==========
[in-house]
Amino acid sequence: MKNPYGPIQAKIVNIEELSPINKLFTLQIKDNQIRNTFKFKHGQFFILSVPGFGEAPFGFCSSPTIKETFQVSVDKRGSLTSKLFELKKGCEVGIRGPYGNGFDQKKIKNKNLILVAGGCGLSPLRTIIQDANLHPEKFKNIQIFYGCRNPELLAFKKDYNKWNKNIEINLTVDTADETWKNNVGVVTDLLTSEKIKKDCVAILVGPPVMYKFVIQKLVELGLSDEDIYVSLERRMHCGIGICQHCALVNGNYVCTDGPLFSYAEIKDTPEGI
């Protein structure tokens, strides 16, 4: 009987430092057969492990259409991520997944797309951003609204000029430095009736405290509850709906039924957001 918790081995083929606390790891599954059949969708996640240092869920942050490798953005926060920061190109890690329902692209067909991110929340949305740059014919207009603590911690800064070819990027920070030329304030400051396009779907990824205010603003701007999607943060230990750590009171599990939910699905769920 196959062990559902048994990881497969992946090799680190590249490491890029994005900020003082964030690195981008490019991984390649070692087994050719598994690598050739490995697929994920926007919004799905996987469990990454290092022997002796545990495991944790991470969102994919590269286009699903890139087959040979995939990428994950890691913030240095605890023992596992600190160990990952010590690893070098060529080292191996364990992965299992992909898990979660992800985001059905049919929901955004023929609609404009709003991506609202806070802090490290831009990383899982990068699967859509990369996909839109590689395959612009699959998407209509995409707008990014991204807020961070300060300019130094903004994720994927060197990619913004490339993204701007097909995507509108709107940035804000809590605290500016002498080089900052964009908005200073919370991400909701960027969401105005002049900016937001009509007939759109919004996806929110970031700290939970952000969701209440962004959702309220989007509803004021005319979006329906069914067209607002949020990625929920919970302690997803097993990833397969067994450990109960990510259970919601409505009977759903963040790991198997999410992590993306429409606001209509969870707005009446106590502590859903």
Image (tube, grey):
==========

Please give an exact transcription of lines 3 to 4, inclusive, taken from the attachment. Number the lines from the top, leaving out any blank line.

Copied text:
């Protein structure tokens, strides 16, 4: 009987430092057969492990259409991520997944797309951003609204000029430095009736405290509850709906039924957001 918790081995083929606390790891599954059949969708996640240092869920942050490798953005926060920061190109890690329902692209067909991110929340949305740059014919207009603590911690800064070819990027920070030329304030400051396009779907990824205010603003701007999607943060230990750590009171599990939910699905769920 196959062990559902048994990881497969992946090799680190590249490491890029994005900020003082964030690195981008490019991984390649070692087994050719598994690598050739490995697929994920926007919004799905996987469990990454290092022997002796545990495991944790991470969102994919590269286009699903890139087959040979995939990428994950890691913030240095605890023992596992600190160990990952010590690893070098060529080292191996364990992965299992992909898990979660992800985001059905049919929901955004023929609609404009709003991506609202806070802090490290831009990383899982990068699967859509990369996909839109590689395959612009699959998407209509995409707008990014991204807020961070300060300019130094903004994720994927060197990619913004490339993204701007097909995507509108709107940035804000809590605290500016002498080089900052964009908005200073919370991400909701960027969401105005002049900016937001009509007939759109919004996806929110970031700290939970952000969701209440962004959702309220989007509803004021005319979006329906069914067209607002949020990625929920919970302690997803097993990833397969067994450990109960990510259970919601409505009977759903963040790991198997999410992590993306429409606001209509969870707005009446106590502590859903």
Image (tube, grey):